Hard-sell tactics and employee incentives built Stanford's empire

While Bernie Madoff focused on the exclusivity of his investment opportunity, R. Allen Standford built his financial empire with hard-sell sales tactics and incredible employee incentives. His "business" grew from just a half-dozen offices in 2004 to more than 20 in 2008.

Financial advisers earned sales commissions on CDs of one percent, plus a chance to earn an additional one percent per year over the term of the CD as long as they sold $2 million worth of CDs in a quarter. Some employees nicknamed the program "bank crack," according to Friday's Wall Street Journal, "because it seemed to be addicting."

The CDs at Stanford's Antigua bank promised yields that were as high as 9.87 percent, much higher than investors could find in U.S. banks. Now investigators believe that the new money that came in paid the older investors, just in like any traditional Ponzi scheme. The trouble started when people began pulling their funds out of the Antigua bank in late 2008. Federal authorities now believe at least half of the $8 billion raised for CDs may never be recovered.

To find more cash to feed the firm's unraveling assets, Stanford flew more than 200 overseas employees to Miami in January for a weekend meeting and yacht cruise, according to the Journal. That's when Stanford gave a pep talk and announced the quarterly sales contest called the "Top Performer's Club." Leading sellers were to compete for huge bonuses. A video of one financial adviser talked about how he'd won $400,000 during a similar contest in the past.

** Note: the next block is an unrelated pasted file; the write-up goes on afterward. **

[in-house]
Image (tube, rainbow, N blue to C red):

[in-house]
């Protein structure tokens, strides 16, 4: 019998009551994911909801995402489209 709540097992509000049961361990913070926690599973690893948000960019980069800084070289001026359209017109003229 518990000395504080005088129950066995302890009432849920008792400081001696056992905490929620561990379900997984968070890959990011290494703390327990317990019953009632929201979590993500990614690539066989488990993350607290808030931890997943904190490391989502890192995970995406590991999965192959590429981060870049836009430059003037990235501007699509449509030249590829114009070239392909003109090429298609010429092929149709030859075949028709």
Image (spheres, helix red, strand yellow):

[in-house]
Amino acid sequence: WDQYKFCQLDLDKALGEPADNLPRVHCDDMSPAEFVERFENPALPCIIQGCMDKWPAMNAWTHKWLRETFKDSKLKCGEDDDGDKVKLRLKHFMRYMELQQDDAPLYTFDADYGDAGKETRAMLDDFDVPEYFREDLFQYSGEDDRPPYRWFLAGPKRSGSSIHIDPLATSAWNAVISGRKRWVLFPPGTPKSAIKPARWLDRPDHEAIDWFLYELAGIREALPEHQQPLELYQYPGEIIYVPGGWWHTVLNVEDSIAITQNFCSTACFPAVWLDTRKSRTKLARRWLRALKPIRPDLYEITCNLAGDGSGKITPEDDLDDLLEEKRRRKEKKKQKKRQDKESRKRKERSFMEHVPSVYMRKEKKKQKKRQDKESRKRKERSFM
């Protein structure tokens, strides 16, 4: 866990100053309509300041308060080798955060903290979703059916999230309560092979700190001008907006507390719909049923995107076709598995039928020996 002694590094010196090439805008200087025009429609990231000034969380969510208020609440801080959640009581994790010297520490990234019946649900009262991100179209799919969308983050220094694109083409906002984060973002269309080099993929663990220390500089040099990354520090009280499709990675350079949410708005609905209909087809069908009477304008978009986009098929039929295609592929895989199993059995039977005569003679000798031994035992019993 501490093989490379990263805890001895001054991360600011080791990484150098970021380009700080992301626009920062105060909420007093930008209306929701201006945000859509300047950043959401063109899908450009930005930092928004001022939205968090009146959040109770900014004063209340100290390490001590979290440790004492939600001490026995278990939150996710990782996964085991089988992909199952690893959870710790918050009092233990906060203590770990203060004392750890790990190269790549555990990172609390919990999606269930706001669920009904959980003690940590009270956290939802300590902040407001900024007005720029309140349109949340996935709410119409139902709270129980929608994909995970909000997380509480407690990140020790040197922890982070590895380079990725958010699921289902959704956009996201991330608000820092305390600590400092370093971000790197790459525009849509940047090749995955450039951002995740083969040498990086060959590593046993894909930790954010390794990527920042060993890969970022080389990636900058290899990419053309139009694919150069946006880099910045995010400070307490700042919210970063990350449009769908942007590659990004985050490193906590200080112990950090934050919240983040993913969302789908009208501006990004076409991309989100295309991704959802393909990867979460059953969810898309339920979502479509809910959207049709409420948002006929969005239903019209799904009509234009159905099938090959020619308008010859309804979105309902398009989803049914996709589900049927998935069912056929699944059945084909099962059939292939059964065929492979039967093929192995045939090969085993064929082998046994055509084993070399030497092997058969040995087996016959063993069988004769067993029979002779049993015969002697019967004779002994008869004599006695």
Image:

These types of sales contests were not new to Stanford employees. The Wall Street Journal reviewed emails from 2005 that indicated advisers around the world formed sales teams with names like "Superstars," "The Deal Hunters," and "Money Machine." In a quote from one email, the managing director of the Baton Rouge, LA, office wrote, "We only have about $1.7MM of production for October, well short of our $21MM monthly goal! However, I'm counting on a really strong November and December!!!"

To get these level of sales high rollers were wined and dined. Advisers accompanied wealthy potential CD buyers on three-day, all-expenses-paid trips to Antigua, so they could meet bank officials. If the potential sale was at least $5 million they were flown to the island on private jets, according to one adviser quoted in the Journal story.

In 2007, FINRA fined the Stanford Group for using sales material that contained "misleading, unfair and unbalanced information" about the CDs, as well as for other questionable sales tactics. In 2008, investigations started by the FBI, SEC, IRS, and U.S. Postal Inspection Service. Investors are wondering why it took so long.

Stanford lived high on the hog and studiously avoided taxes. The Internal Revenue Service reports that he and his wife owe $226.6 million in back taxes. Stanford declined to comment for the Journal story. David Finn, a lawyer for executive Jim Davis, Stanford's chief financial officer, simply said "We are fully cooperating with the federal investigation."

Lita Epstein has written more than 25 books, including Reading Financial Reports for Dummies and the Complete Idiot's Guide to Value Investing.

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